7 MYTHS ABOUT PHIMOSIS IN CHILDREN
As you seek to inform yourself about your child's genital health, it is crucial not to be influenced by untruths with no solid medical-scientific support. Here are 7 of the most commonly propagated myths - some of them, sadly, even by health professionals.
1 - "your son has phimosis, because it's not possible to expose his glans; THIS HAS TO BE FIXED ASAP"
FACT: the infant foreskin should not be retracted until the boy is able to do so on his own. In a study carried out in Denmark, an average age of about 10 years old was found to be that of the first total retraction performed by the boy himself. Children's foreskins are naturally non-retractable or only slightly retractable, and therefore physiological phimosis is a normal condition before puberty, just like the absence of body hair, a "soprano" voice, and so on.
2 - "UNCIRCUMCISED BOYS DO NOT CLEAN THE INTERIOR OF PENIS AND get INFECTIONS"
FACT: while the foreskin of a boy who has not reached puberty is not yet retractable, the only hygiene the penis needs is external (it should be washed as if the mother, father or guardian was washing a child's finger) or limited to the part that can be exposed by exerting slight traction, without discomfort for the boy. As the foreskin becomes more and more retractable, the child himself can be taught to rinse his insides during the bath or shower: once he discovers this new capacity of his penis (the retractability, even if partial, of the foreskin), rest assured he will do this with the greatest interest.
But, ideally, soap should not to be used to wash the inside of the penis (at most, a neutral, delicate soap could be used). Washing the glans with soap can remove protective body oils and cause unspecified contact dermatitis, which is often mistakenly used as a justification for performing surgery - when in reality it would suffice to stop using soap, apply some emollient cream and wait for the natural oiliness of the body to be restored.
3 - "A NON-RETRACTABLE FORESKIN CAUSES URINARY TRACT INFECTION (UTI)"
FACT: girls have a higher incidence of UTI than boys; and when a girl has UTI, she simply gets some antibiotic-based treatment. The same treatment works for boys.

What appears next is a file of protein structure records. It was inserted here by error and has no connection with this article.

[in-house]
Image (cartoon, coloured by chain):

It can't be said enough: as long as the child's foreskin can not be naturally retracted, the penis does not need to be washed inside. Forced retraction can introduce harmful bacteria and cause, rather than prevent, UTIs and several other infections. And speaking of forced retraction of a boy's foreskin, it can generate lacerated and scar tissue in the preputial opening, narrowing its diameter even further. Or can even lead to a critical condition of paraphimosis, which is when the phimotic ring (the narrower circular band of the preputial opening) gets trapped behind the glans, causing it to be strangled.
4 - "YOUR SON'S FORESKIN IS INFLAMMED, OR HE FEELS PAIN WHILE URINATING? HE HAS PHIMOSIS, AND WILL HAVE TO BE CIRCUMCISED"
FACT: inflammatory and/or infectious processes should not be confused with phimosis. Anyway, most of these processes (including those which can actually cause pathological phimosis) are reversible through appropriate medication and do not require surgical intervention. In many cases, simple attention to basic hygiene care (such as frequently changing diapers and rinsing the genital region between each exchange) is enough for the regression of certain inflammations, such as those due to ammoniacal dermatitis.
When a patient has an inflammation or infection in any other region of the body, no reasonable doctor will propose the amputation of organic tissue without first trying to reverse the status with the use of medicines.
The only cause of pathological phimosis normally (but not always) irreversible is lichen sclerosus, which is even rarer in children than in adults.
5 - "CIRCUMCISION WILL MAKE YOUR SON MASTURBATE LESS"
FACT: whether in childhood, associated with self-discovery, or in adolescence, due to high hormone levels, masturbation is a somewhat normal developmental behavior that may even help to stretch the phimotic ring and decrease the tightness of physiological phimosis.